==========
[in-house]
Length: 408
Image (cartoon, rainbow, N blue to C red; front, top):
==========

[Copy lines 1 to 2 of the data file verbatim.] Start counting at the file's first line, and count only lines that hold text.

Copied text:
[in-house]
Length: 408